Thursday, September 14, 2017

A Note About Hieronymous Bosch

As part of the celebration of the 500th Anniversary of Hieronymous Bosch's death (c.1450-1516), the Accademia Gallery in Venice is showing some recently restored paintings.
John and I had the pleasure of seeing the Dutch painter's triptch's and panels on our recent visit to the gallery. Bosch is considered one of the masters of Northern Renaissance painting but is surely one of the first Surrealist painters as well.
Consider the Santa Liberata Triptych. A king tried to impose a marriage on his Christian daughter. Her virgin prayers were answered by a miraculous overnight growth of beard. This repulsed her suitor but led to her crucifixion and subsequent Sainthood.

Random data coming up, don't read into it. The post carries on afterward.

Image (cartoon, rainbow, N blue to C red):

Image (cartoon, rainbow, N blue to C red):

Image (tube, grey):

Bosch was a master of the bizarre. In his own time he was famous as "the Devil's painter". The holy men of the Hermit Saints Triptych are surrounded by landscapes and creatures of a frightening, surreal world.
Here are some details.
Similarly,  the following details from the Visions of the Hereafter panels picture a world of dreams and nightmares.
A detail from Hell
and a detail from The Ascent to Heaven. The Devil's Painter indeed!

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